With the Far Right planning an anti-Islamic march in Harrow, north London, today Jyoti Bhojani looks at the impact such protests have on the local community
Having grown up in Harrow, which is probably one of the most diverse areas in London, the anti-Islam protests are deeply concerning.
The anti-Islam group Stop the Islamisation of Europe (SIOE) have specifically organised these protests outside Harrow Central Mosque to coincide and commemorate the 8th anniversary of the 9/11 attacks.
Fears of violent clashes are rife as these protests are being countered by Unite Against Fascism, who clashed with the English Defence League (EDL) last weekend in Birmingham (see image taken at the last EDL rally, above).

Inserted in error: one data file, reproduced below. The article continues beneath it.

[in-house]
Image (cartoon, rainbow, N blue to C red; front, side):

The EDL and various other extremist groups are likely to be present. It’s scary to think that there is no mechanism in place to ban these extremist groups from making their views known in this way.
And even worse to think this can be allowed to happen in what is meant to be a cosmopolitan area which prides itself on valuing diversity. Given the recent events in Birmingham and Luton, the chances of these protests turning violent are a real possibility.
We all realise and recognise that the extremist views being represented in Harrow today, only make up a fragment of the views in mainstream society and its right that the public have an opportunity to challenge these views. But the danger is that these protests will result in a divided society, broken by various cultural tensions.
Surely, in the 21st century, in an area which is otherwise a cohesive community, these protests are a backward step from which it will take a long time to recover from?
Rather than creating divisions, the aim should be a close knit community based on mutual understanding, respect and appreciation of each other’s cultures, ideas and values which ultimately is the essence of society.